April 24 (UPI) -- Results of a well on the Edvard Grieg oil field in the North Sea led to an increase in the estimated reserve potential, the Norwegian government said.
The Norwegian Petroleum Directorate said it was assessing the results of an appraisal well drilled in the central waters of the North Sea about 1.5 miles from the platform designated for the Edvard Grieg oil field.
Edvard Grieg was proven as an oil field in 2007 and, according to the NPD, operator Lundin Petroleum put the reserve estimate at 220 million barrels of oil equivalents. Based on the results from the latest appraisal well, the NPD said the reserve estimate was revised upwards by between 10 million and 30 million barrels of recoverable oil.
"Further work is expected to reduce the uncertainty in this estimate," the NPD stated. "The results have provided valuable information with regard to final placement of production and water injection wells."
The Norwegian subsidiary of Lundin announced the completion of the appraisal well earlier this month, saying it estimated the results would raise the reserve estimated at Edvard Grieg by up to 30 million barrels.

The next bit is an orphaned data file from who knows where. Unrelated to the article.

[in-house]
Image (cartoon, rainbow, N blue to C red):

Third-quarter figures from Lundin on Edvard Grieg put production at 26 percent higher than during the previous term. The company at the time said it was confident enough to raise its full-year 2016 forecast for production by about 7 percent at the low end.
For 2017, Lundin said nearly all of its $1.1 billion in development spending for the year was targeting reserves in Norway and most of that was targeting operations tied to the larger fields like Edvard Grieg.
Apart from Russia, Norway is a top oil and gas exporter to the European market. Nearly all of its offshore oil and gas is designated for exports.
For the company itself, Lundin gained some leverage in Norwegian waters last year when regional major Statoil spent $538 million to acquire an 11.9 percent stake in the company.